Slice of Life: When Just Opening the Door is Hard

It’s time for Slice of Life with Two Writing Teachers!  Read a few more  or join us with a slice of your own and add it to the comments here11454297503_e27946e4ff_hIt’s summer and time is stretched out.  Teachers are vacationing with family, lazing by the pool. But based on the blogs I read, summertime is also cherished learning time. Some are packing up and taking off for  teaching institutes, spending days away from their families with other passionate learners.  These opportunities give tangible examples of how to teach, but also the experience of being the student. To sit in that chair, to be engaged, to feel times of struggle, to be unsure of your answer, to misunderstand directions, to loose focus.

I certainly had all of these feelings last week at TCRWP’s summer reading institute.  I was energized and engaged. But I had moments when I struggled, when I wasn’t all I wanted to be. I was less than.  I couldn’t help but start to process things through the eyes of struggle.

It was Tuesday morning.  I had planned to run before class, and I knew I had to be out the door running at 6:00 am. This meant I had to get out of bed by 5:45. It was painful.  That morning my “no think, just do it” brain got me out of bed. Sometimes when I struggle, I get through by just doing, without thinking. I trust or believe that things will get better. That it will be worth it, at some point.

I search my purse for the hotel key card. I find my Metro card, my ATM, but no hotel card. I dump my purse’s contents out on the bed. A message pops up on my phone. I check it out. Hit the link. Minutes go by.  I reorganize my purse. More time eaten away. Eventually I find the hotel card, on the bedside table. When I’m fighting with the whole idea of running, getting out the door can be the hardest part. Something, anything can distract me. A phone message, an email, the smell of coffee, a newspaper, something I notice on the way to my keys. All of a sudden time has slipped by and I’m still not running.

Some of you might  applaud my efforts, saying, hey some exercise is better than none. And I can say that; pat myself on the back. But are we setting the bar a bit low?  Would you be thinking the same thing about a student who was starting a book with the same not thinking, just doing attitude, going through the motions so to speak.  How is my struggle any different?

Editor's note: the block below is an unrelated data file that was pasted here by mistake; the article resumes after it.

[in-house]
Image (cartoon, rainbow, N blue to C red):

Enter my classroom a few months ago and picture “Andy”  His ripped book baggie is on his desk, and he’s digging deep into his backpack looking for his book, his post its, his notebook, his pen. Book and pen discovered, they land on his desk. He continues to dig for the post its. After a bit, he looks up, looks around, spots the box of post its  on the shelf, and off he goes to retrieve some. Meanwhile his pen has rolled to the floor. Back at  his seat, minutes pass as he looks for that pen. The book is closed. He gets up, walks to where pens are stored in the writing center. Finally back at his desk, the book opens. He’s doing what looks like he’s suppose to do but the lack of desire, the lack of purpose, the just-go-through-the-motions attitude is apparent. Reading is  a painful struggle for him.

I’m thinking you recognize this reader. Do you recognize the process of struggle in yourself? Maybe not as a reader, but in some other place in your life?

When we have to do something that involves struggle, we’d rather do anything else. Not that we don’t want to be great runners or readers, eventually. Just right now, we’re tired.  It hurts.  But we have to do this. So we open the door. We open the book. And go through the motions.

Clearly something is better than nothing, but how much longer will this work continue. Improvement? Not much.  And it just isn’t good enough.

So as I enter my classroom next year, I know that struggle is the norm and overcoming it with purpose, passion and a plan is the goal.  I want to process my students through my own lens of struggle. Remembering how hard it can be and looking for what keeps us getting up and going out the door. Because I believe if we meet our struggles with purpose, passion and a plan we will find moments when we shine.